- Sajid Javid orders inquiry into BHS by Insolvency Service
- Government’s move is rare – usually administrators report on conduct of directors
- Directors can be disqualified for 15 years if any wrongdoing is proven
- Inquiry is not focused on one particular individual and will instead look at all evidence
The government has launched an inquiry into the collapse of BHS, investigating the conduct of all directors involved in the retailer’s demise.
Business secretary Sajid Javid revealed during regular House of Commons business questions that he was asking The Insolvency Service to investigate BHS’s plight.
Usually, administrators report on directors’ conduct in their final report, given three months after a company enters administration. They then pass their suggestions on whether to investigate directors to the Insolvency Service, an independent government body.
But Javid has opted to bypass this process due to the nature of BHS’s fall from grace. He instructed the Insolvency Service to fast-track its investigation.
The investigation will look at the roles and conduct of all current and former directors and owners involved in BHS in recent years and at the Pension Protection Fund. If any are found guilty of wrongdoing, The Insolvency Service can disqualify them from running a company for 15 years.
A Bis spokesperson said that Javid would “specifically consider the extent to which the conduct of the directors of BHS led to its insolvency”.
MPs have already launched two other inquiries into BHS. The Department for Business, Innovation & Skills and the Work & Pensions Committee launched separate investigations last week.
Javid said: “This investigation will look at the conduct of the directors at the time of insolvency and any individuals who were previously directors. Any issues of misconduct will be taken very seriously.
“Should the investigation conclude that one or more present or former directors have been involved in any misconduct, an application may be made to a court to ask that they be disqualified from acting as a director for a period between two and 15 years depending on the nature of their misconduct.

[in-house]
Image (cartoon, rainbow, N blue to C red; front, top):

“Where conduct for which a person was disqualified took place subsequent to 1 October, 2015, and caused a loss to creditors, an application could also be made to a court for an order that compensation be made for losses incurred.”
BHS formally entered administration last Monday, just days after Retail Week revealed that the beleaguered department store chain was on the brink of collapse.
Between 2000 and March 2015, BHS was run by Arcadia tycoon Sir Philip Green and owned by his wife Tina.
The Greens then sold it to unknown entity Retail Acquisitions, headed by former racing driver and twice insolvent Dominic Chappell, lawyer Eddie Parladorio and financial advisers Keith Smith and Lennart Henningson.
Green has already agreed to attend the inquiry, and will appear on 15 June.
The 88-year-old business agreed a CVA (company voluntary arrangement) with landlords in March as it slashed rents in a bid to stay afloat, but it tumbled into administration last month.
Other retailers, including B&M and Edinburgh Woollen Mill, are thought to be circling parcels of its 164 stores, but administrator Duff & Phelps has hired property agency Savills as it steps up attempts to sell BHS as a going concern.